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World music at the World Service

The aims of this project are to investigate, historically, the relationship between ‘world music’ and the BBC WS English language service. It was decided to tap this problem by assessing the kind and amount of cosmopolitan, ‘world-embracing’ music that has been broadcast at three key moments: World War 2, the 1980s and the contemporary period. Given that few recordings of broadcasts remain, our historical survey is based largely on programme schedules and articles in the WS magazine London Calling, as well as BBC internal documents on marketing, and interviews with participants, and analysis of website and current broadcast output.

Our study suggests that while a cosmopolitan approach to music (including broadcasts of West Indian and Indian music, and comparative discussion of Eastern and Western musical styles) developed quite rapidly in English language external services during World War Two, in the post-War period the World Service reverted to Anglo-centrism and high cultural paternalism. The situation only began to change in the 1980s, such that by the early 1990s the new category of ‘world music’ had become a staple of music programming.

Today, in the context of a much smaller percentage of musical content than in earlier periods, world music is the dominant form in the English language broadcasting. This raises interesting questions about the ostensible cosmopolitanism of the mode of address of the contemporary English language service. It appears highly likely, as argued in the article emerging from this project, that Bush House treats ‘world music’ as a suitable vehicle for reaching the global ‘cosmopolitans’, or upper middle class elites, who are now the target of World Service marketing. That said, world music (in the BBC’s global broadcasting as much as in metropolitan contexts) also represents a kind of yearning for a more genuine and mutual cosmopolitanism - a love of the other for the sake of the other - which is utopian and emancipatory.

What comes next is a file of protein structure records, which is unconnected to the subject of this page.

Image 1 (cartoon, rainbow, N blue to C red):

Project contact

Dr Jason Toynbee, Open University, Faculty of Social Sciences, Department of Sociology, j.a.toynbee@open.ac.uk

Project members

Jason Toynbee is Senior Lecturer in Media Studies in the Department of Sociology at The Open University. He researches and writes on creativity, copyright, and race especially in relation to popular music. Among his books are Making Popular Music (2000) and Bob Marley: Herald of a Postcolonial World? (2007). He is currently leading the AHRC Beyond Text large grant project What Is Black British Jazz? Routes, Ownership and Performance which is also based at The Open University. The project takes forward some of the ideas and approach developed in Migrating Music. The website can be found here: 

Farida Vis is a Research Assistant in the Department of Social Sciences, Loughborough University. She has done research on the media reporting of Israel-Palestine and recent natural disasters including Hurricane Katrina.

Core theme reference: 
Migrating Music